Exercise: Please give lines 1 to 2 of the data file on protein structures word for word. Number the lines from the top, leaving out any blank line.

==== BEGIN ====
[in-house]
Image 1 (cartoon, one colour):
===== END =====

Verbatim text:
[in-house]
Image 1 (cartoon, one colour):